Most believe Allen Robinson is a good prospect, so why show a positive play in the Boiler Room?
The Boiler Room Series is my attempt to capture the state of an NFL prospect’s development into a single play. This is an impossible task, but what if you have a limited number of plays to state your case about a prospect to the leadership team within your organization? If you’ve researched enough about this player, a cut-up of choice plays with a short presentation can provide a decent assessment of strengths, weaknesses, and potential fit for the team. You can read the rest of my Boiler Room Series here.
Penn State junior Allen Robinson is tall, quick, strong, and adjusts well to the football. There are times he looks like a player in the mold of the Marc Trestman’s outside receivers in Chicago. I could show you plays that make Robinson’s fan boys write me and respond with “great read,” but it’s pointless. If I were contributing to a cut-up of Robinson’s play that would inform a coaching staff what they have to address with Robinson early in his career, the play I’d choose is a crossing route against Nebraska.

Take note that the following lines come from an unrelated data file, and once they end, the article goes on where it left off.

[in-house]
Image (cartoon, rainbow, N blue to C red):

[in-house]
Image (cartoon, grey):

It’s a simple play, Robinson is the single receiver in a 3×1 receiver 10 personnel shotgun set with the cornerback playing tight to the ling of scrimmage with a slight outside shade with 0:55 in the half at the 29 of Penn State. The receiver does a solid job of using an outside-in release with his footwork and he doesn’t encounter any resistance from the corner. The free release inside gives Robinson some cushion to accelerate and then break inside on a cross.
The ball arrives and Robinson makes the catch, takes a hit in the back, and is dropped a couple of yards inside the catch point. No yards are gained on after the catch. Good route, good catch, what’s there to say?
No yards gained after the catch.
One of the best things about a crossing route is that it gives the receiver a chance to earn yards after the catch. Robinson failed to do so on this play not because of the coverage or the throw. He left his feet.
A common mistake young receivers make on crossing routes thrown at chest level and above is to leap for the target. Sometimes it’s difficult to gauge the trajectory of the ball and receivers would rather err on making the catch than not earning yards after contact. However, the best receivers track the ball well enough to make the reception on the move with their hands away from their bodies.
If Robinson can fix this one area of his game, and it’s a correctable flaw, he becomes a more productive player immediately.
For analysis of skill players in this year’s draft class, download the 2013 Rookie Scouting Portfolio.The 2014 RSP will available April 1 and if you pre-order before February 10, you get a 10 percent discount. Better yet, if you’re a fantasy owner the 56-page Post-Draft Add-on comes with the 2012 – 2014 RSPs at no additional charge and available for download within a week after the NFL Draft. Best, yet, 10 percent of every sale is donated to Darkness to Light to combat sexual abuse. You can purchase past editions of the Rookie Scouting Portfolio for just $9.95 apiece.